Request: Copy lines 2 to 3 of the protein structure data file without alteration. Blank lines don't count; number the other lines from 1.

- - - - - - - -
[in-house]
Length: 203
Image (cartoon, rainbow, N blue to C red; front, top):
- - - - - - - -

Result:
Length: 203
Image (cartoon, rainbow, N blue to C red; front, top):